Imagery Therapy

 


Imagery Therapy

Cite this article as:
Bowen, C. (2011). Imagery Therapy. Retrieved from http://www.speech-language-therapy.com/ on [insert the date that you retrieved the file here].


In Imagery Therapy (Klein 1996a, b) error and target are contrasted and the feature difference is usually minimal. This means that Sue-zoo, sue-shoe or Sue-soon would be more usual oppositions for the SLP/SLT to introduce than more perceptually salient and distinct contrasts like Sue-moo or Sue-roo.

Labels and images of phonetic characteristics are used to aid the child’s learning of new phonological rules. The rational for the approach is that homonymy motivates phonemic change.

Klein (1996a) says that the approach is suitable for ‘children with one or many phonological processes’ with mild through to severe SSD.

This intervention proceeds in three steps.


Step 1:
Identification and production of the contrast in nonsense syllables


  • An imagery term or imagery label is assigned to the ‘intruder’ (Klein’s term for error) and ‘sound class’ (target class). For example, if the child stops fricatives, the stops (intruders) may be called poppies, and fricatives (the target sound class) may be called windies.
  • These are combined with vowels to make CVs, representing the intruders (e.g., pah, pee, paw; tah, tee, taw) and target sound classes(e.g., fah, fee, faw; sah, see, saw).
  • The therapist produces a syllable (e.g., paw) and the child indicates the associated imagery term on a poppies poster or a windies poster (if the therapist has said paw then the child should choose the poppies poster).
  • The child is then asked to produce a syllable containing a sound from each imagery class. e.g., Give me a poppy sound o r Give me a windy sound. If the child is confused at this point, the therapist provides a choice, usually with the target produced first: e.g., ‘which one is windy - paw or faw?’ Printed captions accompany all picture-and-object-stimuli to support literacy acquisition.
  • Bear in mind that the child is required to produce CVs and not isolated phones.

Step 2:
Identification, classification, and production of the contrast in single words


  • Next, the therapist shows a picture or an object representing a real word containing either the intruder or target, says the word, and asks the child to indicate the imagery term associated with the word. For instance, the therapist says, sail and the child should respond correctly by placing the picture on the poster for ‘windies’ because he or she knows that /s/ is ‘windy’.
  • Then the therapist silently shows a picture or object with either the intruder or target and the child indicates the associated imagery term on one or other poster. By now the clinician's production has been eliminated. The child is drawing on his or her own internal representation in order to make the classification. Each treatment word is classified thus.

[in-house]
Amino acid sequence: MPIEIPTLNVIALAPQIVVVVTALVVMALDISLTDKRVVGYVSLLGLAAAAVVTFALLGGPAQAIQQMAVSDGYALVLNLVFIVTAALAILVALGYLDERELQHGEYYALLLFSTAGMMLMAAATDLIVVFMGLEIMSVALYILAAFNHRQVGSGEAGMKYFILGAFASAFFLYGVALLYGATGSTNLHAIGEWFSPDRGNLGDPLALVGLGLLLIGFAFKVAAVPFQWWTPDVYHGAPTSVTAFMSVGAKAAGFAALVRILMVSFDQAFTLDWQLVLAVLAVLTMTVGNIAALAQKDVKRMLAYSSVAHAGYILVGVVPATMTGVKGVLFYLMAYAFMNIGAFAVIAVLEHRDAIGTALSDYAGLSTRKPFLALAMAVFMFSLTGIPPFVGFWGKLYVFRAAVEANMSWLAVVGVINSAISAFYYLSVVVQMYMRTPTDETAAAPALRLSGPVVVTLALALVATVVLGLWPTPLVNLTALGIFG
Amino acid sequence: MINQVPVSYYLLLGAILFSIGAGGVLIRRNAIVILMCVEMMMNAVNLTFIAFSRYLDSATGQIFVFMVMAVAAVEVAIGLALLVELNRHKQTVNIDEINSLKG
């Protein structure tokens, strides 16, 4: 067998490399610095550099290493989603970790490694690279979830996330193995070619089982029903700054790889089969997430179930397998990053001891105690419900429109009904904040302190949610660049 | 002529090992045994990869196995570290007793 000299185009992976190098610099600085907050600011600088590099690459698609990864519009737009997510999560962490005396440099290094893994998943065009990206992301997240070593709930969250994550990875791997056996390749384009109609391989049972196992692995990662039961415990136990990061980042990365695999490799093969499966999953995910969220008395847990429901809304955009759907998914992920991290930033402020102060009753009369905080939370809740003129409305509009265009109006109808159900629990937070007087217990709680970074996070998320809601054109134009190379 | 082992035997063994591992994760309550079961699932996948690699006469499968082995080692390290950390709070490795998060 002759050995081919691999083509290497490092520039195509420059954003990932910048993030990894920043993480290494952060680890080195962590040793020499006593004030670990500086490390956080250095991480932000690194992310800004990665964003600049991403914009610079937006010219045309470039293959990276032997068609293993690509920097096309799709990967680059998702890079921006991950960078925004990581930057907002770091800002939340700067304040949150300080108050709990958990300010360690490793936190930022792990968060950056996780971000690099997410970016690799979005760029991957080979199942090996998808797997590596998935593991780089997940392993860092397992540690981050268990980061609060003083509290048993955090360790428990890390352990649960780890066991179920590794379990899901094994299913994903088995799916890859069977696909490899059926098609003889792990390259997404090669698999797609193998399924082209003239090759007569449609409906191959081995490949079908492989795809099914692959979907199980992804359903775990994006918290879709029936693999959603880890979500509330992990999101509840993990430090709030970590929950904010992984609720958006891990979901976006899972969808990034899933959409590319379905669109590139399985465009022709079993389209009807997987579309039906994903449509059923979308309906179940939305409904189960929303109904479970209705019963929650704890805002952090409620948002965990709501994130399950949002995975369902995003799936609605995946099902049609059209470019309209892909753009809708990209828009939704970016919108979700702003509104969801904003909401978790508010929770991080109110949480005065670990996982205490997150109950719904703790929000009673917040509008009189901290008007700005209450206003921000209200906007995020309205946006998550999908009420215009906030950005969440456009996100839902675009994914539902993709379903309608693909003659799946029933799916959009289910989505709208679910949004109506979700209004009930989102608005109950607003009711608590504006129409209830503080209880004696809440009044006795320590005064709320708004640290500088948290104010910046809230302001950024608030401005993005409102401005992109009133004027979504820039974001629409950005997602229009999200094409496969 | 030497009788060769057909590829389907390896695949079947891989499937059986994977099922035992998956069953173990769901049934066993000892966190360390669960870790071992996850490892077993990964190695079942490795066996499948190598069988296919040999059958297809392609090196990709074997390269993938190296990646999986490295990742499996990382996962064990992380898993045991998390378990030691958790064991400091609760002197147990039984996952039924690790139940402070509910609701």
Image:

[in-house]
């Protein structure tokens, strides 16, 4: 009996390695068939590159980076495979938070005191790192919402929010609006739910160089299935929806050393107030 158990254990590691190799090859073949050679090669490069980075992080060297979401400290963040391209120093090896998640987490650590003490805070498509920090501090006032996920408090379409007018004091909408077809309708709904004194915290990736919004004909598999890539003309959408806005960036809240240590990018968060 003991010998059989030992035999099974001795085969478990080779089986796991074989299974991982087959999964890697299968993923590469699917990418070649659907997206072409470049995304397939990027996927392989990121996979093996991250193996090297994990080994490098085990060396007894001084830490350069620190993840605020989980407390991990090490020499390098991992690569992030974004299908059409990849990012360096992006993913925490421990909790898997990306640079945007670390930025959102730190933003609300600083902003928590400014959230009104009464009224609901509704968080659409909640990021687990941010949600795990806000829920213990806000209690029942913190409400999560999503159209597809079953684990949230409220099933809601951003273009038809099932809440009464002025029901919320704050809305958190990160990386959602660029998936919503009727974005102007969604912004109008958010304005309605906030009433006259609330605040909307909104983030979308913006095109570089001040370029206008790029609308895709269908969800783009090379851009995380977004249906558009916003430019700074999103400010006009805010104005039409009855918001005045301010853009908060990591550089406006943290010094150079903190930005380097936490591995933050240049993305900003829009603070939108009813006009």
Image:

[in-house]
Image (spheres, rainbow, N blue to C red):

• Following classification of a word, the child is asked to produce the word, keeping in mind the classification. For example, the child is shown a picture of sail and classifies it as a ‘windy’. The clinician responds, ‘That's right. Now make it with a windy sound.’
  • Note that the child is instructed to say the target word but no model is provided.
  • The clinician responds to any errors in production by referring to the classification the child provided. For example, if the child said tail for sail the therapist might say, ‘Tail? You said it was a windy word, but you made it with a poppy sound. Can you try it again and put in the windy sound that you said it should have?’
  • Conventional minimal pair activities (Weiner, 1981a) that include communicative consequences for using both the intruder and target are also used at this level.

Throughout Step 1 and Step 2, isolated sounds are not elicited and the clinician does not overtly model how to say the treatment words. For example, when eliciting g-words the therapist might say, proffering a picture, ‘Can you say this one with your throatie?’

Natural feedback is given if the child errs, perhaps by producing /d/ in place of /g/: ‘But you said it was a throaty and you said it with a tippy. Try it again with your throatie?’


Step 3:
Production in narratives and conversational speech


The procedures at this point on are quite ‘traditional’ and include activities such as story telling, games incorporating target sound classes, and ‘controlled conversation tasks’.


References


Klein, E. S. (1996a). Phonological/traditional approaches to articulation therapy: A retrospective group comparison. Language, Speech and Hearing Services in Schools, 27, 314-323.

Klein, E. S. (1996b). Clinical phonology: Assessment and treatment of articulation disorders in children and adults. San Diego, CA: Singular Publishing Group, Inc.